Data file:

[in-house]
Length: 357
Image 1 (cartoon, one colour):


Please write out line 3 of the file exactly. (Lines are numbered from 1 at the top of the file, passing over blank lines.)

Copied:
Image 1 (cartoon, one colour):